Harriet Lane Johnston: The Legacy of a White House Hostess

On the cool, overcast day of May 9, 2017, a dozen nurses from the Johns Hopkins Children’s Center arrived by bus at Green Mount Cemetery, a leafy 19th-century oasis in center city Baltimore. They carried a generous bouquet of flowers to decorate the grave of Harriet Lane Johnston, niece of James Buchanan (1791–1868), Pennsylvania’s only U.S. president. “Without Harriet Lane, we don’t know what...
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Setting Boundaries: The Penn-Baltimore Agreement

By 1730 violence had broken out between Pennsylvania and Maryland colonists over conflicting border claims. On May 10, 1732, Charles Calvert (1699–1751), Fifth Lord Baltimore and proprietary governor of Maryland, established a provisional agreement with William Penn’s sons, John (1700–46), Thomas (1702–75) and Richard Sr. (1706–71), proprietors of Pennsylvania, to survey their mutual border. At...
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Recruitment, Conservation and Liberty Bonds: Posters and the War to End All Wars

The Pennsylvania State Archives holds a large and significant collection of World War I posters – 460 in all – that were hung throughout the Keystone State and around the country during the Great War. Many of these posters were produced on a national scale, although some were created specifically in Pennsylvania. The posters provide a fascinating glimpse at the means by which valued...
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Pennsylvanians in Allied Country Units During World War I

World War I began in Europe in July 1914, shortly after Austria’s Archduke Franz Ferdinand was assassinated by a Serbian nationalist, Gavrilo Princip, on June 28. Initially the United States remained neutral as the Central Powers (Germany, Austria-Hungary, Ottoman Turkey and Bulgaria) fought against the Allied Powers (France, Great Britain, Russia and Italy). It was not until April 1917 that the...
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Braddock’s Defeat by David Preston

Braddock’s Defeat: The Battle of the Monongahela and the Road to Revolution by David Preston Oxford University Press, 480 pp., $29.95 As the sun set on a warm July evening, Gen. Edward Braddock (1695-1755) lay amongst the dead and dying of his ruined army. Still disbelieving the tragic outcome of his battle against the French four days ago, he muttered among his staff, “Who’d have thought it? We...
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250 Years on the Pennsylvania Trails of History

Two historic battles being commemorated late this summer bookend a fifty-year period that started with American colonists fighting to defend British interests and ended with the new United States defending its own interests and sovereignty against British attacks. Battle of Bushy Run 250th Anniversary In July 1763 during Pontiac’s War, British forces commanded by Col. Henry Bouquet marched west...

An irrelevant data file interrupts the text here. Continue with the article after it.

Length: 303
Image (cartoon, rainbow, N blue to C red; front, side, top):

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Pennsylvania Heritage Foundation Newsletter

Topics in the Summer 2013 Newsletter: Stories from the Homefront: Pennsylvania in the Civil War Opens in September New PaHeritage.org Website Trailheads: 250 Years on the Pennsylvania Trails of History Welcome New PHF Members Welcome New State Museum Affiliate Members PHF Board Harrisburg SciTech High School Docents Washington Crossing Historic Park Visitor Center Pennsylvania Lumber Museum...
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If Only the Walls Could Talk: The Story of the Federal Barn

“There is no building that does nor develop some unexpected charm with age; but the early American barn, taking into consideration its reason for being, I’ve found to be an exceptional and impressive subject. The growth of moss, the dust of hay, the powdering of mortar in joints, the mellowing of cut stone, the aging of wood – all things thought to be unfortunate – are...
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Bitumen: All Gone with the Wind

Maps of Pennsylvania­ – and Clinton County, for that matter – no longer carry the name of Bitumen. In fact, Bitumen has not appeared on maps for the last half-century. It’s not because the village is insignificant or unimportant. Simply put, the village is no longer there. With the excep­tion of a small wooden church and cemetery, Bitumen has disappeared. The history of Bitumen...
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A Flowering for the Ages

Botanists who classify and name plants are called plant taxono­mists, plant systema­tists, or systematic botanists, most of whom work in her­baria, a name first applied by Carolus Linnaeus (1707-1778), the great Swedish systematist. A herbarium, the plant taxono­mist’s basic reference source, is a collection of preserved plant specimens, mostly pressed and dried (although certain specimens...
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